Total organic carbon (TOC) is determined by treating a small aliquot of the crushed sample with concentrated HCl to remove the carbonates. The sample is washed with distilled water, dried and analysed in duplicate in a LECO furnace.
The measurement provides a direct determination of the TOC present in rock samples. In general, shales with TOC values below 1.0% wt. are not considered prospective sources for generation of commercial quantities of oil or gas.
The TOC values are interpreted follows:

3.1.2 PYROLYSIS

Once the amount of organic carbon has been established it is then necessary to determine the amount of hydrogen associated with the carbon. The higher the hydrogen content relative to carbon the better the source rock. This determination and other primary and derived values are determined using pyrolysis.

Pyrolysis data are obtained using the Rock Eval method. Analyses are undertaken using the Rock Eval OSA method. A small amount (100mg) of the crushed sample, selected on the above criteria, is weighed in a crucible, placed in the furnace by an autosampler and progressively heated. Initially the temperature is raised to 100oC and the volatile hydrocarbons are driven off (peak SO). The temperature is then progressively raised to 300°C. During this temperature ramp the heavier "free" hydrocarbons arc driven off (Peak S2). The temperature is further increased to 550°C. The higher temperatures result in the thermal degradation of any organic matter (kerogen) contained within the rock. All the released gases are detected by a flame ionisation detector (FlD). Peaks SO, S 1 and S2 are measured in mg HCg rock-1. The temperature at which the kerogen breaks down most readily is referred to as Tmax. This value is a useful indication of source rock maturity.

A guide to the interpretation of the S2 values and hence hydrocarbon potential is given below:

From the primary data a number of derived parameters may be recorded. The two most useful derived parameters are:
HI is a measure of the hydrocarbon generating potential of the kerogen (see table 3).
PI when used in conjunction with other PI data from the well-bore is a useful indicator of the amount of cracking the kerogen has undergone. It is also useful to delineate zones of inward and outward migration.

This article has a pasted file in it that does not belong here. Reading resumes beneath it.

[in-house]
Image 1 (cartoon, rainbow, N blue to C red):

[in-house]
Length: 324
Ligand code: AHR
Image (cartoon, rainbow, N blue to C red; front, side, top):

Tmax, H1 and P1 are dependent on maturity and kerogen type. Tmax values for immature kerogens are below 420oC± 10%. The perk oil window lies between 435 and 445°C. The late zone of oil generation and peak zone of condensate generation occurs between 445 and 455oC. Above 455°C only condensate and gas can be expected. With increasing maturity any generated gases will become progressively drier. It is thought that no further generation is possible beyond a Tmax of 500oC; this is the maturity equivalent of a vitrinite reflectance of approximately Ro 3.0%.
HI values will decrease with increasing maturity; the exact values will depend very much on the starting values. As an example H1 values above 550 would indicate an immature highly aliphatic oil-prone kerogen. Values below 200 may indicate an immature non-aliphatic kerogen or a fully mature formerly hydrogen-rich kerogen. See Fig.2.

3.2 Kerogen type

Optical techniques, microscopy

During the measurement of maturity by all methods, a note is also made of the amount and types of the various kerogen types. A classification using our broad kerogen types is used: (Types I, II, III and IV). Sec also the Van Krevelan diagram, Fig.2.

Samples containing sufficient Type I or II kerogens have the potential to generate oil; under increased thermal stress gas will be generated.

Type III kerogens mainly generate gas with only ii small amount of oil, whereas Type IV have little or no potential to generate anything.

The Type of kerogen present in sample also provides some indication of the environment of deposition in which the rock was deposited. For example algae, Type I kerogen, may indicate either a lacustrine (e.g. Botryococcus or a marine environment (e.g. Tasmanites). Type II kerogens are largely confined marine shelfal environments. Type Ill kerogens are derived From continental organic material but the organic matter can be transported beyond paralic swamps well into the marine environment (duplex source). Primary inertinite, type IV kerogens, and of continental, origin can also be transported to a variety of environments. The presence of inertinite dilutes the source rock's potential (the active carbon is reduced). All four kerogen types are just convenient end members in a continuum. Determining the HI will give a bulk determination of oil or gas potential, but HI values are less useful for a palaeoenvironmental examination, to establish environments of deposition completely a combined organic petrological-paly¬nological approach is used.